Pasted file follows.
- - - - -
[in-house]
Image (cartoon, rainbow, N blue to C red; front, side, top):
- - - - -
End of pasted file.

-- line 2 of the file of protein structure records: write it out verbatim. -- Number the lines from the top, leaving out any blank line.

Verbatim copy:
Image (cartoon, rainbow, N blue to C red; front, side, top):